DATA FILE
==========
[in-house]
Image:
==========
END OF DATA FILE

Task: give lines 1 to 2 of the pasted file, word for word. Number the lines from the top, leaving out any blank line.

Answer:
[in-house]
Image: